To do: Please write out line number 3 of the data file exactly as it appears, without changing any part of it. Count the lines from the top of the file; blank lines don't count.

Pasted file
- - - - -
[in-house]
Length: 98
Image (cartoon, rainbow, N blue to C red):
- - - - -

Image (cartoon, rainbow, N blue to C red):